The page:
Wednesday, September 24, 2008

Court Upholds Alien Monitoring Program

In a decision released today, a federal appeals court said that the post-911 "Special Call-In Registration Program" for non-immigrant aliens was lawful. The now-suspended program (see DHS fact sheet) required males over age 16 from 24 majority Muslim countries, plus North Korea, who had not qualified for permanent residence, to appear before immigration authorities for registration, fingerprinting, and to submit documents to prove they were here legally. Four individuals who Immigration Judges and the Bureau of Immigration Appeals had deemed deportable (i.e., they were determined to be illegal aliens) challenged the program on constitutional, statutory, and procedural grounds. In a 44-page decision in Rajah et al. v. Mukasey, the Manhattan-based U.S. Court of Appeals for the Second Circuit rejected their claims. "The September 11 attacks were facilitated by violations of immigration laws by aliens from predominantly Muslim nations. The Program was clearly tailored to those facts," the court wrote. One of the men will get a new hearing on his deportation order, however.

Saturday, September 6, 2008

Will Hamdan Be Cut Loose?

Salim Hamdan, otherwise known as Guantanamo Bay detainee #149, became the first war-crimes defendant tried by the a U.S. military commission since World War II. About a month ago, the military tribunal convicted him of providing material support to terrorism, but acquitted him on more serious charges of conspiracy to commit terrorism. His sentence was 5-1/2 years in prison (prosecutors sought 30 years to life), and with time served, he will become eligible for release in early January 2009.

The six-member military jury found the evidence did not support prosecution claims that Hamdan, who was Osama bin Laden's driver, was a hard-core terrorist rather than a low-level functionary in al Qaeda's motor pool. Hamdan was also the plaintiff in the 2006 Hamdan v. Rumsfeld case in which the Supreme Court declared that the president's military tribunal's were unlawful in that they violated the Uniform Code of Military Justice and the Geneva Convention. In the fall of 2006, Congress passed the Military Commissions Act which crafted new rules for such tribunals. There has been no shortage of legal wrangling over the treatment and status of enemy combatants, most recently in the form of the Boumediene v. Bush case, decided June 12, 2008, where the Supreme Court ruled in a 5-4 decision that constitutionally guaranteed right of habeas corpus review applies to persons held in Guantanamo and to persons designated as enemy combatants on that territory. In other words, Gitmo detainees can file habeaus corpus petitions in civilian court to challenge their detention.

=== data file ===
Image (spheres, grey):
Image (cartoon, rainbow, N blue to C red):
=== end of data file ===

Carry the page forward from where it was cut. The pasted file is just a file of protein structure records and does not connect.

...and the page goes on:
Jonathan Mahler, author of a book about the Hamdan case, writes that "It remains unclear whether he was a dedicated lieutenant of bin Laden's-'a body man for bin Laden,' as one of the government lawyers once described him to me--or, as his defense lawyers claim, little more than a lowly foot soldier."

But numerous news outlets have reported that Hamdan, a Yemini national, won't be going home anytime soon. According to the Wall Street Journal ...
The Bush administration maintains it can hold prisoners classified as unlawful enemy combatants, such as Mr. Hamdan, indefinitely. Under this policy, Mr. Hamdan won't necessarily be released when his sentence ends. Rather, the government may decide to continue imprisoning him on grounds that he remains a threat.